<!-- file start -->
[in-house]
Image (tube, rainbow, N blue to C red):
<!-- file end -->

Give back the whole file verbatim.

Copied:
[in-house]
Image (tube, rainbow, N blue to C red):